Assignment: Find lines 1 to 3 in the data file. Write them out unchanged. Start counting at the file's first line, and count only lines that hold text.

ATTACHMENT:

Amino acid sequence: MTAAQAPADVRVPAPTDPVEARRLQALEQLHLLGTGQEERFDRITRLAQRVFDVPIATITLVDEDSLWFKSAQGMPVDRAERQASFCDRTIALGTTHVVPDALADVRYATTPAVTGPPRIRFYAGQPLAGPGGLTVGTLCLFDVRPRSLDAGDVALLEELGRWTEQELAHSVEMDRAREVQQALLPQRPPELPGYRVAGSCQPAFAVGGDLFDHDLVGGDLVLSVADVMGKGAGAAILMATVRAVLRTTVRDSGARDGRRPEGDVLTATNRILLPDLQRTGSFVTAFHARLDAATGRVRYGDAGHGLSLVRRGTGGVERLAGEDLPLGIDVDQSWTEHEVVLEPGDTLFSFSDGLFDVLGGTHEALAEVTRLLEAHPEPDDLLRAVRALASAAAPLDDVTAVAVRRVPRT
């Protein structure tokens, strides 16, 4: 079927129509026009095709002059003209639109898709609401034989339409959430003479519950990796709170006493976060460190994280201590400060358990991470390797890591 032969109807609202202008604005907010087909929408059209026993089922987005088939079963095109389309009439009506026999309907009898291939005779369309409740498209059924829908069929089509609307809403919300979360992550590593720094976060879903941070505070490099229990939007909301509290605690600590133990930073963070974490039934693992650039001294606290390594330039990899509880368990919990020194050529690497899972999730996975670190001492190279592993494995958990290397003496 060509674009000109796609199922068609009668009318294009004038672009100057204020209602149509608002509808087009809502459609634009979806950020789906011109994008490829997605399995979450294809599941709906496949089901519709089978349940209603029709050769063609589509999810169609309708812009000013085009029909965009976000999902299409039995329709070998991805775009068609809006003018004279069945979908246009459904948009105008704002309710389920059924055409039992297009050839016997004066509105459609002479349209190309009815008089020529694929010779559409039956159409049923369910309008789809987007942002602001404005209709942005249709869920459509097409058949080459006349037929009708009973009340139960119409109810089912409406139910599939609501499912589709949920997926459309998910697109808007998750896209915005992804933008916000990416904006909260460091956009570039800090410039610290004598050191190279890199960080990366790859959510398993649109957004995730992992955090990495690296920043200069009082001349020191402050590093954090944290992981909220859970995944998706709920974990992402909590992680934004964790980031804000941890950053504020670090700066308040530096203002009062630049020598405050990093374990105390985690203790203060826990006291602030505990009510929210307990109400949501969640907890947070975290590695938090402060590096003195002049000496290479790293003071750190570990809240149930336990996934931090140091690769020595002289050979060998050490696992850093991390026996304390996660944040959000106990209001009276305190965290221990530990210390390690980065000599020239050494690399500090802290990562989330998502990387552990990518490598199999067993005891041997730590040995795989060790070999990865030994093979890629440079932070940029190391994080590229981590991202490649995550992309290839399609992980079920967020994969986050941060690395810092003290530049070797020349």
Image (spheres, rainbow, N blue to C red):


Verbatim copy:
Amino acid sequence: MTAAQAPADVRVPAPTDPVEARRLQALEQLHLLGTGQEERFDRITRLAQRVFDVPIATITLVDEDSLWFKSAQGMPVDRAERQASFCDRTIALGTTHVVPDALADVRYATTPAVTGPPRIRFYAGQPLAGPGGLTVGTLCLFDVRPRSLDAGDVALLEELGRWTEQELAHSVEMDRAREVQQALLPQRPPELPGYRVAGSCQPAFAVGGDLFDHDLVGGDLVLSVADVMGKGAGAAILMATVRAVLRTTVRDSGARDGRRPEGDVLTATNRILLPDLQRTGSFVTAFHARLDAATGRVRYGDAGHGLSLVRRGTGGVERLAGEDLPLGIDVDQSWTEHEVVLEPGDTLFSFSDGLFDVLGGTHEALAEVTRLLEAHPEPDDLLRAVRALASAAAPLDDVTAVAVRRVPRT
């Protein structure tokens, strides 16, 4: 079927129509026009095709002059003209639109898709609401034989339409959430003479519950990796709170006493976060460190994280201590400060358990991470390797890591 032969109807609202202008604005907010087909929408059209026993089922987005088939079963095109389309009439009506026999309907009898291939005779369309409740498209059924829908069929089509609307809403919300979360992550590593720094976060879903941070505070490099229990939007909301509290605690600590133990930073963070974490039934693992650039001294606290390594330039990899509880368990919990020194050529690497899972999730996975670190001492190279592993494995958990290397003496 060509674009000109796609199922068609009668009318294009004038672009100057204020209602149509608002509808087009809502459609634009979806950020789906011109994008490829997605399995979450294809599941709906496949089901519709089978349940209603029709050769063609589509999810169609309708812009000013085009029909965009976000999902299409039995329709070998991805775009068609809006003018004279069945979908246009459904948009105008704002309710389920059924055409039992297009050839016997004066509105459609002479349209190309009815008089020529694929010779559409039956159409049923369910309008789809987007942002602001404005209709942005249709869920459509097409058949080459006349037929009708009973009340139960119409109810089912409406139910599939609501499912589709949920997926459309998910697109808007998750896209915005992804933008916000990416904006909260460091956009570039800090410039610290004598050191190279890199960080990366790859959510398993649109957004995730992992955090990495690296920043200069009082001349020191402050590093954090944290992981909220859970995944998706709920974990992402909590992680934004964790980031804000941890950053504020670090700066308040530096203002009062630049020598405050990093374990105390985690203790203060826990006291602030505990009510929210307990109400949501969640907890947070975290590695938090402060590096003195002049000496290479790293003071750190570990809240149930336990996934931090140091690769020595002289050979060998050490696992850093991390026996304390996660944040959000106990209001009276305190965290221990530990210390390690980065000599020239050494690399500090802290990562989330998502990387552990990518490598199999067993005891041997730590040995795989060790070999990865030994093979890629440079932070940029190391994080590229981590991202490649995550992309290839399609992980079920967020994969986050941060690395810092003290530049070797020349």
Image (spheres, rainbow, N blue to C red):